The growth of the Afghan army has sped up since last year. Still, thousands more trainers would be needed to significantly expand the force, and where they would come from remains uncertain. The Pentagon could mobilize another brigade of about 4,000 National Guard soldiers to devote to the effort, but such a mobilization would take time, officials said. Some senior American officials advocate deploying more 12-man U.S. Special Forces teams to train regular Afghan army battalions, noting that working with indigenous forces is a core mission of the Green Berets.
Given the shortage of mentoring teams, U.S. and other NATO commanders in Afghanistan are increasingly relying on another model in which they use combat units to partner with existing Afghan forces, essentially giving combat forces the dual role of fighting and on-the-job training.
Recruiting Afghans for the army and police in far greater numbers is also likely to be difficult, officials said.
"That is going to be a huge challenge to get the numbers they need from the Afghan population," said Brig. Gen. Steven P. Huber, commander of the 7,500-strong military and civilian task force based in Kabul that is training and mentoring Afghan forces. "Building a national-level army is a hard sell" in Afghanistan's disparate tribal communities, said Huber, commander of the 33rd Infantry Brigade Combat Team of the Illinois National Guard.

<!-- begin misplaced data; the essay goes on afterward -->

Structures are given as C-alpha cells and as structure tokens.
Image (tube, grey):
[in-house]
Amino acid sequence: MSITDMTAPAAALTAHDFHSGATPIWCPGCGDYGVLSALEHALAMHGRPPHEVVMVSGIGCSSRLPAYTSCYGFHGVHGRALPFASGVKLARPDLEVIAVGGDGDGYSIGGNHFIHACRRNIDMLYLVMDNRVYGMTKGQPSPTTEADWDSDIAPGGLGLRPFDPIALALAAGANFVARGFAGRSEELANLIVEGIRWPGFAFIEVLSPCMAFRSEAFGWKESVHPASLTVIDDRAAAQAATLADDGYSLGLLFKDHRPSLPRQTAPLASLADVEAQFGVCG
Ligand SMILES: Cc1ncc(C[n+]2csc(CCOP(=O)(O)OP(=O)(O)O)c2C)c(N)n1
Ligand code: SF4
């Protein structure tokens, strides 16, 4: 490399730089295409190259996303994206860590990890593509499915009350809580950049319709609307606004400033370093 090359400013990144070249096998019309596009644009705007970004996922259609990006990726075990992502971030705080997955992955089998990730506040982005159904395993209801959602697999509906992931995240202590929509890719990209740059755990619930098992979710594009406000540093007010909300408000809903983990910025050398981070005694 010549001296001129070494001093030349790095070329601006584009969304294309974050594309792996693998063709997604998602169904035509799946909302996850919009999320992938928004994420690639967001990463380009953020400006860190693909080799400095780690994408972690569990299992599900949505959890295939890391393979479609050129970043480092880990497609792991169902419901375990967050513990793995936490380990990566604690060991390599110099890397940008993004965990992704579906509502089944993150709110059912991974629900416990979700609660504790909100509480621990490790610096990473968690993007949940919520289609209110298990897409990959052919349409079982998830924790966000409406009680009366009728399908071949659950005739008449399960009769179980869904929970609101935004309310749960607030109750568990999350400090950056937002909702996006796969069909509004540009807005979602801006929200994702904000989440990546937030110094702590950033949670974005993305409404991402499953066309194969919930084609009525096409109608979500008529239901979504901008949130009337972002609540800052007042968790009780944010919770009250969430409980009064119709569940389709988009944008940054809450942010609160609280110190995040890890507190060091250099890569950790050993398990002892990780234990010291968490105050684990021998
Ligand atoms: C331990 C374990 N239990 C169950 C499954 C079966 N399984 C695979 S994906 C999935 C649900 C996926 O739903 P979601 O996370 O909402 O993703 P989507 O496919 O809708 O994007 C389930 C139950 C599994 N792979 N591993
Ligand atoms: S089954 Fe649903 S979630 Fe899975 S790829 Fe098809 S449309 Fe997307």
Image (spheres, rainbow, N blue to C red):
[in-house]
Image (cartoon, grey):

Local recruits often quit upon learning they will be sent to southern Afghanistan, citing "deteriorating security," Huber said. Others are expelled because of drug use -- as many as 15 percent per class in some areas.
Given the infrastructure and manpower, time for adequate training is also a challenge because Afghan army and police forces are in such great demand to counter a growing insurgency, said Col. Bill Hix, who until recently led the training effort in the south. Building facilities and obtaining vehicles, radios and weapons can take months, sometimes even more than a year, Hix said. Training leaders for bigger units such as battalions and brigades is "a very slow process," Huber said.
Another problem is that existing Afghan units are being depleted, experts said. "We have been building an army that we are not replenishing, that we are not bringing off-line to train," said Kimberly Kagan, president of the Institute for the Study of War and a military historian who served on McChrystal's strategic review team.
"In a country that is larger than Iraq and has a much larger population . . . you are dealing with a tiny security force . . . and one that is not appropriate for the conditions on the ground," Kagan said.
Staff writer Karen DeYoung in Washington and correspondent Pamela Constable in Kabul contributed to this report.